Donald Trump is president now. He is America’s president, and in his inaugural address, he rightly reminded us that the people are the rulers of this nation. Now we’re in this together.
We all have aspirations for our families, and for America. We live our lives according to principles that matter deeply to us. We had to choose between two candidates, neither of which was ever perfect, so we made our choices and we hoped for the best. For many of us, one principle stood out more urgently than others in the weeks leading up to the election. Many of us voted based on that one issue, despite having reservations relating to our other principles and other issues.
As rulers of this nation, we have several responsibilities. The first is to pay attention — to all of the issues. It is our duty to listen, read and stay informed. As rulers, we don’t have the option of claiming that what’s happening to our country is above our pay grade.
Our second responsibility is to be honest about what we see, to look beyond the narrow issues that made us cast our votes. Let’s take the blinders off and compare what we’re getting to what we were promised. Maybe we thought repealing Obamacare was a good idea, but we realize that doing away with Medicare is not. Maybe a cabinet of Wall Street executives is OK, but a cabinet full of inexperienced billionaires is problematic. Maybe we see talking tough in trade negotiations as necessary, but we think tweeting threats about missiles is irresponsible. Maybe, for us, building a wall is terrific, but adding trillions of dollars to the national debt is unacceptable.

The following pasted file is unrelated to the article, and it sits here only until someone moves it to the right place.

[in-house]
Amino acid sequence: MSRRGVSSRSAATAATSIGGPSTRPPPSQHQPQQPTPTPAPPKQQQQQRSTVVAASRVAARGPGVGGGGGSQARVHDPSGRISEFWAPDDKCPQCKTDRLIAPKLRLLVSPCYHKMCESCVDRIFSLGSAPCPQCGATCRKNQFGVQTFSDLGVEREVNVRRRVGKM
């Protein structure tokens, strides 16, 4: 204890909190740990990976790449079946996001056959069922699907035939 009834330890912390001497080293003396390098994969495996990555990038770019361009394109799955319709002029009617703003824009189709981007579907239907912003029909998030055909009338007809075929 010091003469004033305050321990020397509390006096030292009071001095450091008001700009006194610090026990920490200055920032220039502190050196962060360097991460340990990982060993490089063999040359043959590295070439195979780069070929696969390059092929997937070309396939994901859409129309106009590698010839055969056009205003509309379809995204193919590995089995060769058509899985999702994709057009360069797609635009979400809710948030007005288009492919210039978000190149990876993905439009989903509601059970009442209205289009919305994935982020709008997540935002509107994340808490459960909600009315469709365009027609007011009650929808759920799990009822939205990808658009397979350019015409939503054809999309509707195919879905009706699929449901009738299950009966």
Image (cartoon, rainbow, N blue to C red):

The lines will be different for each of us, and we will have to make ourselves vulnerable to share them, but we must draw them honestly.
Our third responsibility as citizens — as rulers of this nation — is to not fall into line behind anything our president may say or do. As Theodore Roosevelt put it, “To announce there must be no criticism of the president, or that we are to stand by the president, right or wrong, is not only unpatriotic and servile, but is morally treasonable to the American public.”
My message to Trump supporters is this: The folks who disagree with you about the last presidential election understand that you are a diverse lot. We understand that Trump’s agenda follows a hodgepodge of positions — not all of which are tolerable to you. We understand that the election is over.
And now it’s time to get to work. When Trump crosses your line, will you rise up and make your voice heard? It is, in fact, your patriotic duty to rise.
We are a nation ruled by the people, not by one individual, and as President Trump himself said, “Your voice, your hopes, and your dreams, will define our American destiny. And your courage and goodness and love will forever guide us along the way.”
This is my hope as well: That our courage and goodness and love will guide us. There is no need to assemble submissively on opposing teams, because there is no real line dividing us. Our lines are personal, idiosyncratic and real, and with them we can create a communal, collective map of courage and goodness and love, capable of guiding us through the next four years.
Christina Craigo, a native of Nitro, is a writer in Boulder, Colorado.